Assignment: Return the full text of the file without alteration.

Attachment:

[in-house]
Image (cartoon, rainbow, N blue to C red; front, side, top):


[in-house]
Image (cartoon, rainbow, N blue to C red; front, side, top):